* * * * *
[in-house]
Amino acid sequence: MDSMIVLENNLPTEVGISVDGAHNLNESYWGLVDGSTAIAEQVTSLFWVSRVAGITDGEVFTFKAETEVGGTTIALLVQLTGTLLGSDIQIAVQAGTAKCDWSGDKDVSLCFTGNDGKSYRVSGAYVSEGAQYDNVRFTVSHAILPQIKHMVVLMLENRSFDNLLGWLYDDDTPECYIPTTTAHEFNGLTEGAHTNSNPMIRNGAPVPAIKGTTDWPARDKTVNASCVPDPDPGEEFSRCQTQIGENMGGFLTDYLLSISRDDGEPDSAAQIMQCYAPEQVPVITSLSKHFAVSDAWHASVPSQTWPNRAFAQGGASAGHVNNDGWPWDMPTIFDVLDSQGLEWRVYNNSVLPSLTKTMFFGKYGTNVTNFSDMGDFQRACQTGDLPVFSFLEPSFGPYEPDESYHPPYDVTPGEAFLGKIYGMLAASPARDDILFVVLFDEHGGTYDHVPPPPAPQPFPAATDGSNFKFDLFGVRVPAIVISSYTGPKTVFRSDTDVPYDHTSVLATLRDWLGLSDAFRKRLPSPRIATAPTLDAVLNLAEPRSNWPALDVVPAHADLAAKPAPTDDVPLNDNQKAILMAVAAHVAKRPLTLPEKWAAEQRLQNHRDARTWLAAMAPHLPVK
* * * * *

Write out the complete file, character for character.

[in-house]
Amino acid sequence: MDSMIVLENNLPTEVGISVDGAHNLNESYWGLVDGSTAIAEQVTSLFWVSRVAGITDGEVFTFKAETEVGGTTIALLVQLTGTLLGSDIQIAVQAGTAKCDWSGDKDVSLCFTGNDGKSYRVSGAYVSEGAQYDNVRFTVSHAILPQIKHMVVLMLENRSFDNLLGWLYDDDTPECYIPTTTAHEFNGLTEGAHTNSNPMIRNGAPVPAIKGTTDWPARDKTVNASCVPDPDPGEEFSRCQTQIGENMGGFLTDYLLSISRDDGEPDSAAQIMQCYAPEQVPVITSLSKHFAVSDAWHASVPSQTWPNRAFAQGGASAGHVNNDGWPWDMPTIFDVLDSQGLEWRVYNNSVLPSLTKTMFFGKYGTNVTNFSDMGDFQRACQTGDLPVFSFLEPSFGPYEPDESYHPPYDVTPGEAFLGKIYGMLAASPARDDILFVVLFDEHGGTYDHVPPPPAPQPFPAATDGSNFKFDLFGVRVPAIVISSYTGPKTVFRSDTDVPYDHTSVLATLRDWLGLSDAFRKRLPSPRIATAPTLDAVLNLAEPRSNWPALDVVPAHADLAAKPAPTDDVPLNDNQKAILMAVAAHVAKRPLTLPEKWAAEQRLQNHRDARTWLAAMAPHLPVK